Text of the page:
The Persistent Illusion


Spectrum of galaxy M84 supposedly indicating a black hole near its center.

Jan 12, 2012

Does the acceleration of gravity alone create high frequency radiation?

“Greatness is a zigzag streak of lightning in the brain.”
— Herbert Asquith, Prime Minister of the UK, 1908-1916

Black holes are theoretically required because velocity and gravity calculations of motions at the galactic center yield otherwise impossible results. Matter inside a black hole is said to be near infinite density, with intense gravitational attraction so great that not even light can escape. They are called “black” holes because they cannot be detected with optical telescopes. They are thought to inhabit over 90% of the galaxies in the Universe.

Previous Picture of the Day discussions about black holes determined that the descriptive terms used by astronomers rely on highly speculative explanations. Ambiguous labels such as space/time, singularities, infinite density and other ideas that are unreal, make what should be a scientific investigation into the nature of the Universe something of a nonsense.

According to a Hubble Space Telescope press release, galaxy M84 has provided NASA researchers with “proof” that it harbors a Super Massive Black Hole (SMBH) in its core greater than 300 million times the mass of our own Sun.

Using spectrographic data from the Hubble Space Telescope, astronomers measured the rotational velocity of dust and gas near the center of M84. Since the spectrogram’s s-shaped graph seems to show areas of more rapid rotation (up to 1,400,000 kilometers per hour), it was assumed that something very compact in the galaxy’s core must be exerting a powerful gravitational force.

Since galaxies are thought to be self-powered, gravity-driven engines, relying on kinetic energy to operate, the fact that they do not appear to supply enough energy to hold themselves together required space scientists to come up with two major adjustments to their cosmological theories: SMBHs and dark matter. In this case, a black hole’s near-infinite mathematical capacity to accelerate matter is brought into play.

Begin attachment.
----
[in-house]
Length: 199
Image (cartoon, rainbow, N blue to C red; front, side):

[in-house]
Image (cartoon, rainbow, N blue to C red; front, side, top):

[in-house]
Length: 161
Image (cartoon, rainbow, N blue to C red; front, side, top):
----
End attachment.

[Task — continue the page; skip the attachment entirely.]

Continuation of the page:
X-rays and other high frequency radiation in space, no matter the source, are not easily generated by accelerating charge-neutral gas in gravity fields. It is far easier for charged particles (plasma) accelerated by electric fields to shine in all frequencies: extreme ultraviolet, X-rays, and even gamma rays.

In a galactic circuit, electric power flows inward along the spiral arms where it is concentrated and stored in the central plasmoid. When the plasmoid reaches a threshold density, it must decay and discharge, along the galaxy’s spin axis. This process can be demonstrated in the laboratory using a plasma focus device.

The discharge creates neutrons, heavy ions, and electrons jetting out from the nucleus. Electromagnetic forces confine the jet to thin filaments that remain coherent for thousands of light-years. The jet usually ends in radio lobes on either side of the galaxy, which radiate in radio frequencies.

The cosmic Birkeland currents that supply energy to galactic plasmoids also provide rotational energy by spinning around one another. Electromagnetism concentrates electric currents that generate magnetic fields, increasing current confinement forces, which increases the magnetic field, and so on. When those forces act on the galactic scale, they might be perceived in the unphysical way of black holes.

Stephen Smith

Hat tip to Gilbert Eriksen

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